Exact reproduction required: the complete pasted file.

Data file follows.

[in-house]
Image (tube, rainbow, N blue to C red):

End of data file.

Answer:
[in-house]
Image (tube, rainbow, N blue to C red):